To die proudly when it is no longer possible to live proudly. Death freely chosen, death at the right time, brightly and cheerfully accomplished amid children and witnesses: then a real farewell is still possible, as the one who is taking leave is still there; also a real estimate of what one has achieved and what one has wished, drawing the sum of one’s life — all in opposition to the wretched and revolting comedy that Christianity has made of the hour of death. One should never forget that Christianity has exploited the weakness of the dying for a rape of the conscience; and the manner of death itself, for value judgments about man and the past.

Here it is important to defy all the cowardices of prejudice and to establish, above all, the real, that is, the physiological, appreciation of so-called natural death — which is in the end also “unnatural,” a kind of suicide. One never perishes through anybody but oneself. But usually it is death under the most contemptible conditions, an unfree death, death not at the right time, a coward’s death. From love of life, one should desire a different death: free, conscious, without accident, without ambush…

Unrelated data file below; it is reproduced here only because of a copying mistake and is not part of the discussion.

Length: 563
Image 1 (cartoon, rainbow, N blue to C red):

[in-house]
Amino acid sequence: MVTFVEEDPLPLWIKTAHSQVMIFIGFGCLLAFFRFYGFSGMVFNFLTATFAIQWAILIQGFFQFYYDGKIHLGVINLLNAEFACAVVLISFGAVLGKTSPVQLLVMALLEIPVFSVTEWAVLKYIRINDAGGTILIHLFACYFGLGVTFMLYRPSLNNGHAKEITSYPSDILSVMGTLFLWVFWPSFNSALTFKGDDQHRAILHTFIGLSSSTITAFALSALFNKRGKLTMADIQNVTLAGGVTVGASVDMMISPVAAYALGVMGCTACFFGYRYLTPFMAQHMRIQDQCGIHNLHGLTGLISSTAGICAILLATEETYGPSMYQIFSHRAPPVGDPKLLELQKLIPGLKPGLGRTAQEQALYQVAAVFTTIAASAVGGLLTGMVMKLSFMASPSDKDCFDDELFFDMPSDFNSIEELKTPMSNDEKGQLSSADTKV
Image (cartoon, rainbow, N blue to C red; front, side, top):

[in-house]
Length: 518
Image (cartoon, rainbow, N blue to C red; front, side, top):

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Source: Dissident Millennial

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2 Comments

  1. 6 June, 2017 at 7:09 pm — Reply

    Yes, nothing is beautiful because the jews who wield total control over the arts replaced culture with pop culture, art with modern art and so on. Instead, they’ve given us stories without plots, music without melodies, and images that don’t inspire. Everything is so trashy, crass and meaningless, but that’s by design. The last thing they want to do is give us art that elevates us, but of course, they’re wholly incapable of doing that because the creative heart of humanity lies in the White race.